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I began this blog to chronicle my beekeeping experiences. I have read lots of beekeeping books, but nothing takes the place of either hands-on experience with an experienced beekeeper or good pictures of the process. I want people to have a clearer picture of what to expect in their beekeeping so I post pictures and write about my beekeeping saga here. Along the way, I've passed a number of certification levels and am now a Master Beekeeper! Enjoy with me as I learn and grow as a beekeeper.


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Tuesday, October 23, 2007

Feeding the Bees - Part two


Today I opened the two hives to check on the Ziploc bags of honey I left on them about 10 days ago. In Mellona, most of the honey had been eaten and I didn't see many small hive beetles - I believe the cooler nights are taking their toll on the growth of SHB. I pulled the bag out and hung it over the deck rail. See how the bees gather around the slit (on the top of the rail). The rest of the bees clustered over the honey that gravity pulled to the lower corner.

I put a bag of 2:1 sugar syrup in Mellona and cut a slit in it. I also returned the remains of the bag of honey, pulling the corners up against the hive body to encourage gravity to draw the honey toward the slit.

In Bermuda, the situation was about the same. Most of the honey was gone from the bag. In this hive I discovered small hive beetles clustered in the zipped opening of the bag.
See them in the last picture? It's not clearly focused - the camera focused on the bees behind the bag on the frame of honey. I squashed the beetles by pinching closed the zipped area - some escaped by flying away.

In this hive I returned the honey bag, turned upside down with the split against the frames, again raising the corners of the bag to encourage the help of gravity. I added a bag of 2:1 sugar syrup beside the original bag and using a sharp knife, cut a slit in the bag.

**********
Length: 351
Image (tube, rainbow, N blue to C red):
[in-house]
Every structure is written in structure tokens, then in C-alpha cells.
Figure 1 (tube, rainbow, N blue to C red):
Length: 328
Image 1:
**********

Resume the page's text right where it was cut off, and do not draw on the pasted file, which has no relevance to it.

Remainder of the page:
The whole time I fooled around with this task, I kept thinking of Sue Hubbell's book that I am reading, A Book of Bees, in which she gently points out that when we approach the hive with the hive tool, every time we free a part of the hive - like lifting up the inner cover - we are destroying the hard work of propolizing the hive to keep the cold air out.

I know I'm in Atlanta where it's 70 something today and almost every day of at least 8 months of the year, but I feel bad that after I do my beekeeping tasks, the bees have to redo work that they didn't destroy - I did.
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4 comments:

  1. Anonymous7:26 PM

    i have seen the baggie method of feeding a lot lately. Would you tell me how you learned of this and where I could go to learn the particulars of this method?
    Thanks for your blog. I always learn something.

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  2. I learned about it on Beemaster as well as from Jennifer Berry when she spoke to our bee club. You take a good quality (ie, Ziploc - not an imitator) ziploc bag and fill it half way with 2:1 sugar syrup. You lay it on top of the frames and with a sharp knife, slice a 3 - 4 inch cut in the top of the bag - careful not to cut through the other side. The air comes out of the bag through the slit and the syrup oozes onto the top of the bag - the bees can feed there and they will not drown as in some other feeders. When I removed the two bags today there were absolutely no dead bees in the bag.

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  3. Is very beautiful method!! i has not left never without food the girls my!! bravo has one very beautiful blog!!!

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  4. Anonymous7:28 PM

    I've used the baggie method with the slit(s) and lost a few bees. So, instead of slits, I tried poking little holes in the center of the bag with a safety pin. Results: no dead bees. When the bag is almost empty, except for the corners: poke holes in the corners.

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